Cox: High-class cookery at John Ash
Those who were fortunate enough to have dined at John Ash’s restaurant when he was still in the kitchen will remember how excitingly innovative his cooking was. Where can we find that kind of culinary excitement today?
What about at John Ash & Co. at the Vintners Inn? Chef Ash himself departed years ago, leaving only his name attached to the restaurant. Now the place is owned by Don and Rhonda Carano, two of the nicest and most down-to-earth moguls you’d ever want to meet. The Inn has become a complex of hotel, visitors’ center, meeting place, restaurant, bar, and lounge. The current chef is Tom Schmidt, who, with his sous chef Devin Kellogg, turns out just about perfect renditions of old favorites like chicken cordon bleu, pan-seared scallops, and calamari fritti.
Their choices of starters and main dishes may be mainstream — surely a conscious decision given the nature of the establishment — but their motto seems to be, “Let’s do the basics but do them so well we’ll wow people.”
By and large, they achieve their aim.
The restaurant has always been known for its extensive wine list, which now includes 600 wines from Sonoma County and around the world, accessed on an iPad. Among wines by the glass, there’s a lovely chardonnay from Joseph Jewell for $11 and a depth-y cabernet sauvignon from Medlock Ames for $14, plus a whole lot more. Corkage is $20.
Service is impeccable, as it always has been, but impeccable doesn’t mean snooty. The people who wait on you are relaxed and friendly.
The restaurant offers a four-course tasting menu at $65 per person or $100 if the savory courses are paired with wines. But it’s much more fun to pick and choose among the many menu items.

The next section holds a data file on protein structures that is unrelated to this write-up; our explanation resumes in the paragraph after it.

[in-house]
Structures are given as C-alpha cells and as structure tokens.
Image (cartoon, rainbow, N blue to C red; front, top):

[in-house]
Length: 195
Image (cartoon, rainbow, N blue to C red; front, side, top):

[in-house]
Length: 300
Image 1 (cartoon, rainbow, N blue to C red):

The bread basket included a slightly spicy chunk of hot cornbread so a little butter melted invitingly on it. And an amuse bouche was a creamy liquid made of avocado blended with buttermilk. We’re getting toward the end of the oyster season and I wanted to see what shape the local bivalves were in, so dinner started with a Half Dozen Hog Island Sweet Water Oysters ($18 ***). They were just beginning to develop that muddy sac that precedes the summertime spawning, and were still plump with sweet glycogen. They’re served with various washes and dips, but it’s also good to dress them with just a squirt of lemon juice and maybe fresh cracked black pepper.
Manila Clams and Gypsy Girl Chorizo ($13/21 ★★½) in a tomato-y sauce with house-grown leeks, chickpeas, and garlic had enough spiciness to warm the mouth. Two pieces of toasted ciabatta tasted bitter for some reason. Then came three Dungeness Crab Fritters ($16 ★★★), each a little larger than a golf ball, each packed full of shredded crabmeat, battered and fried golden brown, and served with mango dice and spicy mango aioli. On the side was what the menu calls “Mexican cabbage salad,” but seemed just like good cole slaw.
The hit of the night was Mexican: Tom’s Chili Relleno ($21 ★★★★). The poblano was fire-roasted, de-skinned, stuffed with pepper jack cheese that melted and spilled out on the warm plate like the contents of a cornucopia, plus guacamole, red rice, and pico de gallo. White crema was drizzled back and forth across the pepper.